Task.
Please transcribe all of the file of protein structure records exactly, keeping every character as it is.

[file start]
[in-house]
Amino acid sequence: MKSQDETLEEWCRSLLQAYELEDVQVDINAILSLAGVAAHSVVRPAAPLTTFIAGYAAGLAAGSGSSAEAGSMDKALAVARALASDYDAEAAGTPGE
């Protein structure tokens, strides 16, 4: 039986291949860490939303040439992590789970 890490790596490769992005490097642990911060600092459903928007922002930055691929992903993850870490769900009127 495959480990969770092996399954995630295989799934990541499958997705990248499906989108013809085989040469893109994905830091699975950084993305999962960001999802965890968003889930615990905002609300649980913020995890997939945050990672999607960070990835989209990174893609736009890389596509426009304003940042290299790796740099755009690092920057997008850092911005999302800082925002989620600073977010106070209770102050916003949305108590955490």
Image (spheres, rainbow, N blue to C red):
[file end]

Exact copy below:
[in-house]
Amino acid sequence: MKSQDETLEEWCRSLLQAYELEDVQVDINAILSLAGVAAHSVVRPAAPLTTFIAGYAAGLAAGSGSSAEAGSMDKALAVARALASDYDAEAAGTPGE
């Protein structure tokens, strides 16, 4: 039986291949860490939303040439992590789970 890490790596490769992005490097642990911060600092459903928007922002930055691929992903993850870490769900009127 495959480990969770092996399954995630295989799934990541499958997705990248499906989108013809085989040469893109994905830091699975950084993305999962960001999802965890968003889930615990905002609300649980913020995890997939945050990672999607960070990835989209990174893609736009890389596509426009304003940042290299790796740099755009690092920057997008850092911005999302800082925002989620600073977010106070209770102050916003949305108590955490």
Image (spheres, rainbow, N blue to C red):